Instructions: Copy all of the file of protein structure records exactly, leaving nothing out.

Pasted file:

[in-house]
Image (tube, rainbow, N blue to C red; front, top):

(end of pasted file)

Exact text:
[in-house]
Image (tube, rainbow, N blue to C red; front, top):